New language could help British Columbia co-parents raise kids

On behalf of Peterson Stark Scott posted in Family Law on April 18, 2019.

There is an old adage that says doing things the same way all the time and expecting different results is par for insanity. Such is the same when it comes to divorced parents who co-parent their children. When British Columbia parents co-parent their children from different perspectives, problems may arise, so learning how to communicate with each other in a new way with the help of family law tools may be the answer to getting onto the same page regarding matters involving kids.

When parents put their children’s best interests and needs in the foreground of decision-making that concerns them, it may be easier for them to adopt a new way of talking about issues regarding their kids. Even though a couple may not have been successful in their relationship doesn’t mean they can’t successfully co-parent their children by being kind to each other and understanding each other’s opinions. Using new ways of speaking when referring to certain things is a step in the right direction.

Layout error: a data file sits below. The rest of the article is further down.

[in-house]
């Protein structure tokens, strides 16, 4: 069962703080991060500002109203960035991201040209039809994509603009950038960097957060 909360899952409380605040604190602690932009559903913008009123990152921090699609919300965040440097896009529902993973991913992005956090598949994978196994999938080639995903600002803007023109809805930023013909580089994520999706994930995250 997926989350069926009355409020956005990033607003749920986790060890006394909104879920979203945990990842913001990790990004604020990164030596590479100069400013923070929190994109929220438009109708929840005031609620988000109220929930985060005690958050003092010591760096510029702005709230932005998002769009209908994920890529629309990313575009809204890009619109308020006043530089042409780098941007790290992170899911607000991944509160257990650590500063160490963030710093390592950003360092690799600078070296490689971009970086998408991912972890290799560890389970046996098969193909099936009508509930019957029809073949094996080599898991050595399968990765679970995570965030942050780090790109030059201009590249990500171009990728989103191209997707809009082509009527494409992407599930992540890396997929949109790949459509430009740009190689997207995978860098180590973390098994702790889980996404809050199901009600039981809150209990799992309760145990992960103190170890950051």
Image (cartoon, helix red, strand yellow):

Former spouses who are parents should refer to each other as their kids’ mom or dad, rather than calling him or her an ex spouse. The words “should, never and always” may be best left out of communication. Saying thank you and you’re welcome doesn’t take a lot and may go a long way to improving the relationship between parents. As well, responding to messages is important. If one parent texts another, for instance, it’s important to respond to the text.

Parenting in two different households may be difficult at first, but a British Columbia family law lawyer may be able to help a client in various ways such as by helping to draft parenting plan. A caring lawyer will understand the hurdles his or her client faces when it comes to communicating with a former partner on any issue, and especially about those regarding children. A lawyer will know what sorts of details should be included to ensure a client’s parenting plan is smooth sailing until a child turns 18.

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